I've been fighting a battle for a very long time, trying to heal my body. The story is too long to tell in its entirety. I'd heal from one thing and something else would blindside me. Doctors scratched their heads, tested this, tested that, came up empty, until I was finally given a diagnosis of Crohn's. I opted OUT of the medicinal route for treatment, since all they could promise me is horrible side effects and a slow degeneration with surgical removal of my intestines piece by piece and a slow and lingering death. I thought I could do better than that!
I did. A year later, Crohn's was no longer diagnosable as Crohn's. I still had a finicky digestive system, and chemical exposures (even airborne) still had the ability to knock my digestive system out of whack for a few days to a few weeks at a time. But it was nothing like what it had been.
The chemical sensitivities, perpetual exhaustion, progressive muscle weakness, persistent obesity, degenerative liver and kidney function, nerve inflammation, and brittle bones that developed over the years continued to worsen. I wasn't even aware that I had compression fractures in my spine until I ended up in the ER with angina (heart pain), which was diagnosed as "inverse angina", or angina that occurs when you are at rest, and not when you are active. They did a series of X-rays, MRI, and some blood work. There were three things that stood out from that visit.
A blood test result that, by itself, pointed to one thing. Metabolic deficiency.
Compression fractures, not caused by calcium deficiency, vitamin D deficiency, or a diet low in protein or phosphorus. This is consistent with metabolic deficiency which either causes protein (collagen) deficiency in spite of a high protein diet, or metabolic dysfunction which causes lactic acidosis and phosphorus deficiency.
Are we seeing a pattern yet?
The third thing is the inverse angina. Generally associated with metabolic disorders.
I took that and ran with it.
Through a series of strategies I changed the way I eat, going back to older heritage meats, vegetables, and fruits. Less commercialized varieties. It seems the protein and carbohydrate and fat structures are different in them, enough so my body knows what to do with them better.
Things started getting better. I'd have a week or two at a time when I actually was able to get a few things done! I took up canning. I could get 1 canner load done on a good day. I started canning meals and meal starters. Not only could I digest my homemade food better, but when all I had to do is open a jar and heat it to get a healthy meal on a bad day, we were eating much better. That added to the healing momentum.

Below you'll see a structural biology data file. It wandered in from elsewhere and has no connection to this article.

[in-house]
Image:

I figured out some of the things that were triggering flare ups. Started finding ways to avoid them (figuring out which local bathrooms were "safe" and did not have toxic air freshener).
Each little bit of progress is SO HUGE, and yet it makes such a tiny difference in my life to an outside observer. So I spent only 10 hours today in my recliner instead of 14. So I got up at 9:00 this morning instead of 9:30. Not much difference to see, but OH the difference I feel when I make a bit of progress.
- When suddenly I can do a thing that hurts, and it does not hurt as much!
- When I can slowly accomplish a task in a few hours that I could not do AT ALL for the last 10 years.
- When I learn how to make a new kind of food that helps me heal, and I can SEE the difference.
- When I go to bed after a hard day and I do not have so much nerve inflammation that I crawl out of bed an hour later with a screaming headache.
- When I can go up the stairs in the morning without having to stop every third step just to get my thighs to stop aching like I've run a mile.
- When I can go to sleep at night, without insomnia, or racing thoughts, or back pain that keeps me up half the night.
- When I can take an extra trip up the stairs during the day and not have rhabdomyolysis from it.
Just little things. Things I took for granted for so many years. Things that made me think I was lazy, because I could not acknowledge to myself even, that the reason I had stopped washing dishes is because it made my back hurt so much I could not stand it (now the X-rays show me that the pain was real - my back was literally collapsing on me from ordinary tasks).
And I am healing. It is oh, so slow. But it is oh, so real.
Like watching a flower bloom. In real time. So very slow. But undeniably making progress.
I want to shout and celebrate every time some little thing happens.
But nobody else gets it. Normality just doesn't allow anyone to comprehend what these little things mean.
Herbs, and food, and clean air, good water, and not pushing my body when it has nothing left to give.
It is not easy. And I could not explain to anyone else how to do this. I could give them a list of herbs, and tell them go pray about it. But I find my way through, every day, and use various herbs and foods according to my daily condition.
Maybe, just maybe, there is hope. Because if this can get better, maybe other things can too.
UPDATE: Six months later, I am still in recovery mode. It is still very slow, but I am now walking about 1-2 miles a day, most days. I could not do that even three months ago. For me, this is like seeing the bud on the flower burst.